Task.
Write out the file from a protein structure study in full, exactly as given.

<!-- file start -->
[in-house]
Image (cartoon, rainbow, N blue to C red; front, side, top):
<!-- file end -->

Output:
[in-house]
Image (cartoon, rainbow, N blue to C red; front, side, top):